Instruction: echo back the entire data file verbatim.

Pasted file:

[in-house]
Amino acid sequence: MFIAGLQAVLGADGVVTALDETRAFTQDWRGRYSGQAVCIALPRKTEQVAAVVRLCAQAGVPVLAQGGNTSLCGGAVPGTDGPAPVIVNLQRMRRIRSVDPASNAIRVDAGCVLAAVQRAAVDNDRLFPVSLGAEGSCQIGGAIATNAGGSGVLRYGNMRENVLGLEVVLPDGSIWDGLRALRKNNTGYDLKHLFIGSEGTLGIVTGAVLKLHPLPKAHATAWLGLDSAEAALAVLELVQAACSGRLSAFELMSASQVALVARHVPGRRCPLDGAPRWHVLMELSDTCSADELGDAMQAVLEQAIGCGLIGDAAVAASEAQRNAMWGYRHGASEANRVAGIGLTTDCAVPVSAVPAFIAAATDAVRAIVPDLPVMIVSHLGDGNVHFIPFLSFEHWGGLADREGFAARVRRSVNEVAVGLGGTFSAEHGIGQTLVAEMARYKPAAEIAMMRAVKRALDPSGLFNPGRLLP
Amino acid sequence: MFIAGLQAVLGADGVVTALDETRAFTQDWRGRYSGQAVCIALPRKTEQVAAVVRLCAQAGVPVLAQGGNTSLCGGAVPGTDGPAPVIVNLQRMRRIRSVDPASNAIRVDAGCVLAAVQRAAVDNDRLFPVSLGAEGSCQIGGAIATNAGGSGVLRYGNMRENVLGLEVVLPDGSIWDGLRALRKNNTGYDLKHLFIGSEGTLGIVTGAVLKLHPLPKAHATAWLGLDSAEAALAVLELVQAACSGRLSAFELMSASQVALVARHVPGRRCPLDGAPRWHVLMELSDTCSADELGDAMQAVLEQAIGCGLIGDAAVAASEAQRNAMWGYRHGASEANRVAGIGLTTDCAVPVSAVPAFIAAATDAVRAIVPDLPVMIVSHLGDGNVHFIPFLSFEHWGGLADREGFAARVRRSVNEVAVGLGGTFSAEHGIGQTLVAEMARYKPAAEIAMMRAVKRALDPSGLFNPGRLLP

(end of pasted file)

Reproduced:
[in-house]
Amino acid sequence: MFIAGLQAVLGADGVVTALDETRAFTQDWRGRYSGQAVCIALPRKTEQVAAVVRLCAQAGVPVLAQGGNTSLCGGAVPGTDGPAPVIVNLQRMRRIRSVDPASNAIRVDAGCVLAAVQRAAVDNDRLFPVSLGAEGSCQIGGAIATNAGGSGVLRYGNMRENVLGLEVVLPDGSIWDGLRALRKNNTGYDLKHLFIGSEGTLGIVTGAVLKLHPLPKAHATAWLGLDSAEAALAVLELVQAACSGRLSAFELMSASQVALVARHVPGRRCPLDGAPRWHVLMELSDTCSADELGDAMQAVLEQAIGCGLIGDAAVAASEAQRNAMWGYRHGASEANRVAGIGLTTDCAVPVSAVPAFIAAATDAVRAIVPDLPVMIVSHLGDGNVHFIPFLSFEHWGGLADREGFAARVRRSVNEVAVGLGGTFSAEHGIGQTLVAEMARYKPAAEIAMMRAVKRALDPSGLFNPGRLLP
Amino acid sequence: MFIAGLQAVLGADGVVTALDETRAFTQDWRGRYSGQAVCIALPRKTEQVAAVVRLCAQAGVPVLAQGGNTSLCGGAVPGTDGPAPVIVNLQRMRRIRSVDPASNAIRVDAGCVLAAVQRAAVDNDRLFPVSLGAEGSCQIGGAIATNAGGSGVLRYGNMRENVLGLEVVLPDGSIWDGLRALRKNNTGYDLKHLFIGSEGTLGIVTGAVLKLHPLPKAHATAWLGLDSAEAALAVLELVQAACSGRLSAFELMSASQVALVARHVPGRRCPLDGAPRWHVLMELSDTCSADELGDAMQAVLEQAIGCGLIGDAAVAASEAQRNAMWGYRHGASEANRVAGIGLTTDCAVPVSAVPAFIAAATDAVRAIVPDLPVMIVSHLGDGNVHFIPFLSFEHWGGLADREGFAARVRRSVNEVAVGLGGTFSAEHGIGQTLVAEMARYKPAAEIAMMRAVKRALDPSGLFNPGRLLP